First mixed-gender concert in Saudi Arabia performed by woman

First mixed-gender concert in Saudi Arabia performed by woman
The Egyptian Opera House, which performed in Riyadh on Wednesday, comprised of 45 male and female musicians and singers.
2 min read
27 April, 2018
The concert in Riyadh had an audience of 2,500 people [GCA Saudi Arabia]

Saudi Arabia for the first time allowed a mixed gendered concert to take place, performed by an Egyptian singer on Wednesday.

Egypt’s National Arab Music Ensemble of the Egyptian Opera House marked its first performance in the kingdom, debuting with singer Nihad Fathy, making her the first female singer to perform to a mixed crowd. 

The Egyptian Opera House comprised of 45 male and female musicians and singers, including the star singers Ahmed Effat and Mai Farouq. They performed in front of an audience of 2,500 people.

Long known for its ultra-conservative mores, the kingdom has embarked on a wide-ranging programme of social reforms that includes boosting sports and entertainment and allowing women to drive from June.

Since the appointment of 32-year-old Crown Prince Mohammed bin Salman as heir to the throne in June, Saudi Arabia has launched an image overhaul, lifting bans on cinemas, public music festivals and scaling back restrictions on women.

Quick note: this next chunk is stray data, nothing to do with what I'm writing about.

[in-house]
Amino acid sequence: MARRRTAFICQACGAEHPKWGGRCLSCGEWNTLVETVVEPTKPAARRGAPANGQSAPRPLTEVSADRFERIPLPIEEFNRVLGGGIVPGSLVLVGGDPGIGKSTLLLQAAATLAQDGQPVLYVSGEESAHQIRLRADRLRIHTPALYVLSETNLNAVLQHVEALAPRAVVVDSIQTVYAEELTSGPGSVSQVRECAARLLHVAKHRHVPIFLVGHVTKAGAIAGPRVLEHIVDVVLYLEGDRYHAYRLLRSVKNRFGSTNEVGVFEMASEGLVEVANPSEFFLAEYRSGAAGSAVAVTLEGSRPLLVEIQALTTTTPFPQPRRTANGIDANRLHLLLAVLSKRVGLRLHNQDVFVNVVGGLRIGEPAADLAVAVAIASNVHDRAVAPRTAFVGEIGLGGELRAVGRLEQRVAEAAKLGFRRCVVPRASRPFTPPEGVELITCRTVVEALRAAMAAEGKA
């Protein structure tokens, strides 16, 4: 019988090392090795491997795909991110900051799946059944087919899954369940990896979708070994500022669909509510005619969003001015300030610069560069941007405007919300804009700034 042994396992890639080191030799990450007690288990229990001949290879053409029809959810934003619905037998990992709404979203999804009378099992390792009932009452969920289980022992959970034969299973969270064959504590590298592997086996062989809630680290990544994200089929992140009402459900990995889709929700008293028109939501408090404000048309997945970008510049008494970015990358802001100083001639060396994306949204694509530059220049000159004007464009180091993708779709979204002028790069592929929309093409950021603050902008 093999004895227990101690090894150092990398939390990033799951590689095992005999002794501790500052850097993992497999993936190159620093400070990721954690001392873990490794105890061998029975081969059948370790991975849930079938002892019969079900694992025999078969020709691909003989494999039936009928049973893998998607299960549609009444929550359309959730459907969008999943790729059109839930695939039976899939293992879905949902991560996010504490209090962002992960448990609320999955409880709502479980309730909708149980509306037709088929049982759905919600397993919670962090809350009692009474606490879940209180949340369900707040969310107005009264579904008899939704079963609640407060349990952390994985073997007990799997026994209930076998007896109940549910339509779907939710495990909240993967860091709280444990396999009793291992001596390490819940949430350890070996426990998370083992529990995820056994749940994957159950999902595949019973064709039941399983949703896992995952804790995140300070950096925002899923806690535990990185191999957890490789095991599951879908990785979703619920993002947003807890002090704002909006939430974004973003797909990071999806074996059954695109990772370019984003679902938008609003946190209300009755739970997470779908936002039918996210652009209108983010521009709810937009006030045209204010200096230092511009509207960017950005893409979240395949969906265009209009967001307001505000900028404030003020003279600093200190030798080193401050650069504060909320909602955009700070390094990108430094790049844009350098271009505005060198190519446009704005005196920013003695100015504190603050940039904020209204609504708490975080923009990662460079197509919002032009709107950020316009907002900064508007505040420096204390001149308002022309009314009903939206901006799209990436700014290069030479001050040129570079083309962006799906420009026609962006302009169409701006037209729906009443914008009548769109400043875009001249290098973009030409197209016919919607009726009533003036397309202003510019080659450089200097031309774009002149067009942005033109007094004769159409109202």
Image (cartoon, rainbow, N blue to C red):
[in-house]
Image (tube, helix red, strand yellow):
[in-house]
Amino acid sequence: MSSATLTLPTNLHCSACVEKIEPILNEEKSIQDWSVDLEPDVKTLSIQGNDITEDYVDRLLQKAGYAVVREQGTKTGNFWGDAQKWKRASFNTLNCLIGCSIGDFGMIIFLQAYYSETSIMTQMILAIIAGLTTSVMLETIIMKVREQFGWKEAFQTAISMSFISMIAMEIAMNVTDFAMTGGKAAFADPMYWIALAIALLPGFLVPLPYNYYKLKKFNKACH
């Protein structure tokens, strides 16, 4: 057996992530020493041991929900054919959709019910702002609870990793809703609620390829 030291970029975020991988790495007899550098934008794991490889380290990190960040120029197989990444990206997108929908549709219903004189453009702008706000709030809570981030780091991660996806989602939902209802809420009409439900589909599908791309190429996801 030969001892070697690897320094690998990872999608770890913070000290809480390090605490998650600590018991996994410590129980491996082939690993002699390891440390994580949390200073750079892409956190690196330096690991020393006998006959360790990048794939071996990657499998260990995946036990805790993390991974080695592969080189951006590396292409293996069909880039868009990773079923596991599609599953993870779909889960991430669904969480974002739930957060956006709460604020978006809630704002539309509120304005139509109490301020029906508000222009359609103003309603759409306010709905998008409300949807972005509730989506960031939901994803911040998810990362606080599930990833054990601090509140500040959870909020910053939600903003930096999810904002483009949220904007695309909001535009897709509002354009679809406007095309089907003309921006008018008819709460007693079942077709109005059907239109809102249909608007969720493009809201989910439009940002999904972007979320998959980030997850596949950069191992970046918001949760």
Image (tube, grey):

But the reforms still come with many restrictions as the kingdom and companies expanding their platform to Saudi Arabia sideline women. 

Wrestling giant WWE was slammed by fans for excluding women wrestlers from its landmark show in Saudi Arabia.

Saudi authorities last week shut down a female fitness centre in Riyadh over a promotional video deemed to be contentious for appearing to show a woman in figure-hugging workout attire.

"We are not going to tolerate this," Saudi sports authority chief Turki al-Sheikh tweeted as he ordered that the centre's license be withdrawn.

While the reforms have been met with excitement as Riyadh loosens its shackles on Saudi women, there are still criticisms that the Saudi government is not doing enough for women.

There is also a consensus that the reforms are tokenising women to personalise Crown Prince Mohammed bin Salman as a “modern reformist”. 

UK based Saudi academic Madawi al-Rasheed described his reformations as disingenuous reforms that benefit him on the national and international stage.

Agencies contributed to this report.